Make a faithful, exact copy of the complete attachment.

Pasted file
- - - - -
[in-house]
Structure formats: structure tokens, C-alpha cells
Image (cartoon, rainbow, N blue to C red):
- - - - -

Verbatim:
[in-house]
Structure formats: structure tokens, C-alpha cells
Image (cartoon, rainbow, N blue to C red):